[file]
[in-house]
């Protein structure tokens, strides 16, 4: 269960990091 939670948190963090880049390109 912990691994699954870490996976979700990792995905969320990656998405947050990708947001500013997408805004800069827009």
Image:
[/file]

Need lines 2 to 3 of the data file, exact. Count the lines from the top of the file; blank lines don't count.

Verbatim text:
């Protein structure tokens, strides 16, 4: 269960990091 939670948190963090880049390109 912990691994699954870490996976979700990792995905969320990656998405947050990708947001500013997408805004800069827009």
Image: